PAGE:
Within wedding prayers, the gods Izanagi and Izanami are often invoked.[1] These married gods were part of the Japanese lore of the "first wedding," and are called upon to reflect a harmonious balance within the marriage.[1] Other aspects of the Shinto wedding prayer include calling for the couple to work to maintain a respectful home, and for the couple to have children.[1][8]

Wedding attire

Shinto brides and grooms typically wear kimono. However, the groom can wear a Western-style business suit during the process.[9] The bride will wear a number of layers of kimono, the outermost layer being the most formal. A bride will either wear a colourful uchikake (打ち掛け) over-kimono, or a pure-white shiromuku (白無垢, lit. "white pure-innocence") over-kimono. The uchikake, a garment derived from the ostentatious over-kimono worn by samurai women before the Meiji Restoration, is typically a colourful over-kimono, made of a heavy brocade fabric that may feature a woven design or embroidery and couching in gold and silver thread. The shiromuku is also derived in part from the dress of the samurai classes, but is instead solid white in colour, featuring only woven designs, also in white. Though uchikake are often red, white and black - all auspicious colours in Shinto[4] - they may also feature other colours as part of their design.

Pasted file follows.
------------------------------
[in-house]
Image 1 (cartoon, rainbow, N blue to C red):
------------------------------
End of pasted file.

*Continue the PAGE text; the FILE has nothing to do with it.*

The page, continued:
Both uchikake and shiromuku are highly-formal kimono, designed to be worn over the actual kimono and obi unfastened, and are typically silk or imitation silk. Due to the high cost of new kimono, and the particularly high cost of brand-new formal kimono, a bride may only hire out the ensemble for the day, instead of purchasing it new, or may wear an ensemble passed down through the family or borrowed. Brides typically wear a wig (katsura) dressed in a traditional style, dressed in a set of auspiciously designed hair accessories.[1] The bride may change into a red kimono for the wedding reception events after the ceremony for good luck.

Japanese formal wedding kimono shiromuku
A bride at a Shinto wedding shows her wig and tsuno-kakushi headdress.

Brides may also wear one of two styles of headdress. The tsunokakushi (角隠し, lit. "horn-hiding") headdress, made from a rectangular piece of cloth, often white silk, which covers the high topknot of the bunkin takashimada-style wig typically worn by the bride. The bunkin takashimada is said to be worn to veil the bride's metaphorical horns of jealousy, ego and selfishness, and also to symbolize the bride's resolve to become a gentle and obedient wife.[3] The wataboshi (綿帽子, lit. "cotton hood") headdress, an all-white hood or cowl, may also be worn as the Japanese equivalent to the Western bridal veil; its purpose is to hide the bride's face from all others except the bridegroom until the end of the wedding ceremony. The wataboshi was adapted from the katsuki, a hood worn outdoors by married women in samurai families from the Muromachi to Momoyama period, before it was taken up by younger women from the Edo period onwards. Like the shiromuku it accompanies, the wataboshi is a symbol of innocence and purity; it is worn only outside and only in accompaniment with the shiromuku, and is removed during indoor receptions.